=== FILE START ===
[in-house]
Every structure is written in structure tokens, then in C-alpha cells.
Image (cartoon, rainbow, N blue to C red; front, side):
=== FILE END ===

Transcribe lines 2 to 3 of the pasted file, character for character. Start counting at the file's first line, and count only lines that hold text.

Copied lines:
Every structure is written in structure tokens, then in C-alpha cells.
Image (cartoon, rainbow, N blue to C red; front, side):